Aemetis buys Keyes, Calif. plant, plans 2G biofuels testing

By Susanne Retka Schill | July 10, 2012

Aemetis Inc. has acquired Cilion Inc. and its 55 MMgy ethanol plant in Keyes, Calif., with plans to continue operating the corn ethanol plant as it enters the next stage in its cellulosic ethanol development project.

Built by Cilion, the plant came online in 2008 and was operated just four months before closing. Aemetis, formerly AE Biofuels Inc., leased the plant in 2010. “We spent the better part of a year upgrading the facility and retrofitting some of the issues we found,” said Andy Foster, president and chief operating officer.  The plant has run continuously since April 2011. “It’s a very nice plant,” he said. “We’ve had over a year without a single down day. We have a team that can perform the various maintenance items on the fly.”

Foster said the purchase of the plant is the next step in the company’s development plans. “The goal is to continue producing ethanol and start the process of transforming this into a biorefininery,” he said. “We’re looking at biofuels as well as specialty chemicals.” Isoprene, a precursor for industrial products like synthetic rubber, flavorings and other chemicals, is one chemical of interest named on the company’s website.

The company will be using a $1.9 million matching grant from the California Energy Commission announced earlier this year to build a co-located pre-commercial cellulosic ethanol facility at Keyes to test the two technologies the company has acquired, as well as others. “The goal is to replace 15 to 20 percent of the corn and do it as an integrated facility, and not as a side by side,” Foster said.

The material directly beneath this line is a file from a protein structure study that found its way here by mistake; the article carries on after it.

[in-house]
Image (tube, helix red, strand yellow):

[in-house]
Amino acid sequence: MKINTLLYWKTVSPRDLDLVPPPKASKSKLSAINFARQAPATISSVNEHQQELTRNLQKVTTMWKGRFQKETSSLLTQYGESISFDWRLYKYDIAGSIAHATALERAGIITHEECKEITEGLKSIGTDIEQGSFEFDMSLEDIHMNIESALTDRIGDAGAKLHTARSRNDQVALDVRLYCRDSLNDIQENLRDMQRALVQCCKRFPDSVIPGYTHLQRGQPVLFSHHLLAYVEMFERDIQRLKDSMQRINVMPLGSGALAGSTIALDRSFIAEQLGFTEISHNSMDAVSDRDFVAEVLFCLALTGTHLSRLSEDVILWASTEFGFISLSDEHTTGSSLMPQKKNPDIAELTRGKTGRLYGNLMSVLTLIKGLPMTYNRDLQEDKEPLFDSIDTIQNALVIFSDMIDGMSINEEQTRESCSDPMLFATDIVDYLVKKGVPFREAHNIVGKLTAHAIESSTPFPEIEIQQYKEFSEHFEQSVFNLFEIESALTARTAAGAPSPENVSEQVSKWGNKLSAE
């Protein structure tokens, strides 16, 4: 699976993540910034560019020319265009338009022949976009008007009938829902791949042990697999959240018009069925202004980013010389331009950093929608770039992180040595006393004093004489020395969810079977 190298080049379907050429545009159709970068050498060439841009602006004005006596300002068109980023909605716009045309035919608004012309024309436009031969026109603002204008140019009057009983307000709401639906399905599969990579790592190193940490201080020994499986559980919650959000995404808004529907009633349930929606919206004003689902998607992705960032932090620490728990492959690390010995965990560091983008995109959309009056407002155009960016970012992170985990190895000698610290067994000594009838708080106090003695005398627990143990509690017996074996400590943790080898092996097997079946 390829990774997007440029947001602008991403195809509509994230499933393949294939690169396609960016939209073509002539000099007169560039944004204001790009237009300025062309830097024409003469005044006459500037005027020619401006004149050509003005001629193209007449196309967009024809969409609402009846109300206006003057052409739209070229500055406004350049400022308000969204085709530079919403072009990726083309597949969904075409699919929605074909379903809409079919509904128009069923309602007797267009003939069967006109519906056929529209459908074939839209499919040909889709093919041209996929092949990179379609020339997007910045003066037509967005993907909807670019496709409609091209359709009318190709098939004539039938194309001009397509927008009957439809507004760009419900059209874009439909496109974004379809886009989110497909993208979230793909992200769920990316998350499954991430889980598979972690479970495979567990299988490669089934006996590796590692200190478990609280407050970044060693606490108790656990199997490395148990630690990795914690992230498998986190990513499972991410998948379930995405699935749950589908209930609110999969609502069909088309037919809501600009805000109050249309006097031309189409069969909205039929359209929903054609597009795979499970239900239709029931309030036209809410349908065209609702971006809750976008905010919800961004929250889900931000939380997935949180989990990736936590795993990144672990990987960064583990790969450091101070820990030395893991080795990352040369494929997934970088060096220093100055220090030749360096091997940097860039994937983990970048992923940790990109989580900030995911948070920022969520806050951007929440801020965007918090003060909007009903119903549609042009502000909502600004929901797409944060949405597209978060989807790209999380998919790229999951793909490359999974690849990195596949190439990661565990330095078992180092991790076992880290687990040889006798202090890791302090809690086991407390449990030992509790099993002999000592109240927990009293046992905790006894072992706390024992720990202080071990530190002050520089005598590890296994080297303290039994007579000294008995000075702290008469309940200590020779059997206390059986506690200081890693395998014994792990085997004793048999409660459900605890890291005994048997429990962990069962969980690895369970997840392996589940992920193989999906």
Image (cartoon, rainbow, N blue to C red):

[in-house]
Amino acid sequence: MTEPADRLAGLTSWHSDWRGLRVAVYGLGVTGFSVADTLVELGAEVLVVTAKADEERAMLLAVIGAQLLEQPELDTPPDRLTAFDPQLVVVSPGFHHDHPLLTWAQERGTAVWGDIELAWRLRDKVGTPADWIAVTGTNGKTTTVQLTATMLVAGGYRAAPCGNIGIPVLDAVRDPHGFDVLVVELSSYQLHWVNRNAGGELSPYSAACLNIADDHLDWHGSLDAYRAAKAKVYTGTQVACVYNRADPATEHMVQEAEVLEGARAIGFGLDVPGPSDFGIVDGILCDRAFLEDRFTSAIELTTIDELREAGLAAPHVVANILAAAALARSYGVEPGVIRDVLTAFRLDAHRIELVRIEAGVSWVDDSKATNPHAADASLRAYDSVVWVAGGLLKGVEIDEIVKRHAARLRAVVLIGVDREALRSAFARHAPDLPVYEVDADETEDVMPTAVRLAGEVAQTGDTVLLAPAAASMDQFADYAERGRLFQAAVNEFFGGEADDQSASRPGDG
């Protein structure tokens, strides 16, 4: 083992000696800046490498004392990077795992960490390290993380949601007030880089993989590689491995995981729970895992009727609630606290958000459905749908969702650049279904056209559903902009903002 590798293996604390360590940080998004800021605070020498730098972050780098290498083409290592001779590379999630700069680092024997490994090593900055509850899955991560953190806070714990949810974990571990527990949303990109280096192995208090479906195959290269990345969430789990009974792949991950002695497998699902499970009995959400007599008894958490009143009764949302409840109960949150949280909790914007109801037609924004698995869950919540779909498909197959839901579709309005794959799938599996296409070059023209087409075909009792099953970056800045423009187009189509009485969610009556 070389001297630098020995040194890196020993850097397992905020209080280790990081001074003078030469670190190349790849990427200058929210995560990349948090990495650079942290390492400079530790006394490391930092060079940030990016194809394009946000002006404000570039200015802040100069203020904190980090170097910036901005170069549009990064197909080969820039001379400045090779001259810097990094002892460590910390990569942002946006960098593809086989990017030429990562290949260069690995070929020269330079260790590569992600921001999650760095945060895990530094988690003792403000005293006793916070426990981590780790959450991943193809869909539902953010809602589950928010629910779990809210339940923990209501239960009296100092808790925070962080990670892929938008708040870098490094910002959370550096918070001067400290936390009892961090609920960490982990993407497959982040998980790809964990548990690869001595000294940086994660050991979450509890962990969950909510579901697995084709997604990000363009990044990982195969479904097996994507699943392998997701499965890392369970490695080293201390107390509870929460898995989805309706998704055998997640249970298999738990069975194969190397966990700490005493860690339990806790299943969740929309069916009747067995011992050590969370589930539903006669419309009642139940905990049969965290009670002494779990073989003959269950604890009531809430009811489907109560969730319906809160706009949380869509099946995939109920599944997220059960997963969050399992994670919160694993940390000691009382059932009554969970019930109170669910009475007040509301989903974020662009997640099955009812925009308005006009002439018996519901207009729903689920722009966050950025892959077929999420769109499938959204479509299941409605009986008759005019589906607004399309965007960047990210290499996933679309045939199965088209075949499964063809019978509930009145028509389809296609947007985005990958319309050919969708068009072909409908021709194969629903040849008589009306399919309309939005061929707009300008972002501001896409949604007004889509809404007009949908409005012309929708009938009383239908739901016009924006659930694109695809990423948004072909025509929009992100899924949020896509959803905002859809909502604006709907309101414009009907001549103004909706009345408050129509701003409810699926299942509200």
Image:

In 2008, Aemetis built an integrated cellulose and starch ethanol demonstration facility in Butte, Mont., to optimize its “ambient temperature starch/cellulose hydrolysis” process. Last year the company acquired Zymetis Inc., developers of the Z-microbe, a patented organism that converts a variety of renewable feedstocks into renewable chemicals and biofuels, using a consolidated bioprocessing technology.

Foster said they are currently evaluating potential partnerships and will likely test other technologies for pretreatment as well as other developers’ enzymes and yeasts. The facility will run tests using a variety of feedstocks available in California’s Central Valley where the facility is located, including corn stover, cobs, wheat straw and even cotton gin waste.  

In addition to the California ethanol plant and cellulosic development project, Aemetis owns and operates a biorefinery on the east coast of India. Its subsidiary, Universal Biofuels Pvt. Ltd., can produce edible oil, up to 50 MMgy of biodiesel and pharmaceutical-grade glycerin.